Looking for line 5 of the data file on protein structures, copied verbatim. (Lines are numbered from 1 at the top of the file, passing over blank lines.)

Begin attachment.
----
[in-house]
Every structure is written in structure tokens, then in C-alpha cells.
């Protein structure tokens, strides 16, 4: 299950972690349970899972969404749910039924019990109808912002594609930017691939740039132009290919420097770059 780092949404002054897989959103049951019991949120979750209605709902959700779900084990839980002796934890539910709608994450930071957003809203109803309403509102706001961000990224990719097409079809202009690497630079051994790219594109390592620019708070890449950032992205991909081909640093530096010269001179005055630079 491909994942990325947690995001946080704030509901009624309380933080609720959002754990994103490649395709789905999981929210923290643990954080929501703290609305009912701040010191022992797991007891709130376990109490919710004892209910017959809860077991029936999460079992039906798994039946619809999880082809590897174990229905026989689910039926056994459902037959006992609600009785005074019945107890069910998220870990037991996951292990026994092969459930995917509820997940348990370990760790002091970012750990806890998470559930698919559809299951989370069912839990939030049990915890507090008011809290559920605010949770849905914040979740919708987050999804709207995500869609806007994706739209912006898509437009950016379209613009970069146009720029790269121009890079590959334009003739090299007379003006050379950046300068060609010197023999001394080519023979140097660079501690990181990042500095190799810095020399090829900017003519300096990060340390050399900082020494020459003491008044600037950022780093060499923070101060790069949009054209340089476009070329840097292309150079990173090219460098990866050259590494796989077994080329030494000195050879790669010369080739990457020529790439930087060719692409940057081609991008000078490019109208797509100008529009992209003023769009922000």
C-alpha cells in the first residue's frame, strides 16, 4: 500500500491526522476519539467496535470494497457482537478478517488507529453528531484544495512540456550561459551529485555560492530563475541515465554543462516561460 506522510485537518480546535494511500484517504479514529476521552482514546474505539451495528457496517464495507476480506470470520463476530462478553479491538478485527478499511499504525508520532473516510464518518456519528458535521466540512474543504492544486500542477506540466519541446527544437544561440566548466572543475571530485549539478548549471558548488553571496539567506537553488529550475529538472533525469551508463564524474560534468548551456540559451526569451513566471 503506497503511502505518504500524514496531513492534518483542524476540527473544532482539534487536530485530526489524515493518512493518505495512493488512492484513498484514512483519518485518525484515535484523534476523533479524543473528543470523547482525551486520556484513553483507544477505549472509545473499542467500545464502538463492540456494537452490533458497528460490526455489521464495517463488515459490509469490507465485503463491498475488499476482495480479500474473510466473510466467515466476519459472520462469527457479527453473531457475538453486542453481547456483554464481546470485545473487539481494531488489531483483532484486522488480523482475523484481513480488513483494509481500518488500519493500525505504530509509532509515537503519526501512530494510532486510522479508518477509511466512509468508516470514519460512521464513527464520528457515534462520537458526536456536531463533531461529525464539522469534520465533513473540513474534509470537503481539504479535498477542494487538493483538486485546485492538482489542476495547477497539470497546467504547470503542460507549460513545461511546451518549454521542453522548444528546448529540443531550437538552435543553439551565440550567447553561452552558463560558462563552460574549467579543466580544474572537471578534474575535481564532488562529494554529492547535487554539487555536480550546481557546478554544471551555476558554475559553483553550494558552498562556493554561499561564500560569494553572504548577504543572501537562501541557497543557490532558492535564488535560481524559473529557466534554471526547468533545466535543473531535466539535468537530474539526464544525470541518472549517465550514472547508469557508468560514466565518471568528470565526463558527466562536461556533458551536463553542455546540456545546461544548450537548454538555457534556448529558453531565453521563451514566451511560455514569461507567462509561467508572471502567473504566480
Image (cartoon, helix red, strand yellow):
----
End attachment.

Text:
Image (cartoon, helix red, strand yellow):